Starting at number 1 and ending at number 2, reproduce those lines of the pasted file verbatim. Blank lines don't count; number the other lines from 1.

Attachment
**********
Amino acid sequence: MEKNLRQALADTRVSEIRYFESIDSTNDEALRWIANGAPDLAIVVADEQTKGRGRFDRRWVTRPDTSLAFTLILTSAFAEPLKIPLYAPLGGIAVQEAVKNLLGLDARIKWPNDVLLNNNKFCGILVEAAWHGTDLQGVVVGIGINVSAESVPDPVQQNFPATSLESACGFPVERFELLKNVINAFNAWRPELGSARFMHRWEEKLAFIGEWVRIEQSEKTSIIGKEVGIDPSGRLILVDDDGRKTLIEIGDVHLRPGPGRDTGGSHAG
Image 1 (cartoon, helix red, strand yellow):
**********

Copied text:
Amino acid sequence: MEKNLRQALADTRVSEIRYFESIDSTNDEALRWIANGAPDLAIVVADEQTKGRGRFDRRWVTRPDTSLAFTLILTSAFAEPLKIPLYAPLGGIAVQEAVKNLLGLDARIKWPNDVLLNNNKFCGILVEAAWHGTDLQGVVVGIGINVSAESVPDPVQQNFPATSLESACGFPVERFELLKNVINAFNAWRPELGSARFMHRWEEKLAFIGEWVRIEQSEKTSIIGKEVGIDPSGRLILVDDDGRKTLIEIGDVHLRPGPGRDTGGSHAG
Image 1 (cartoon, helix red, strand yellow):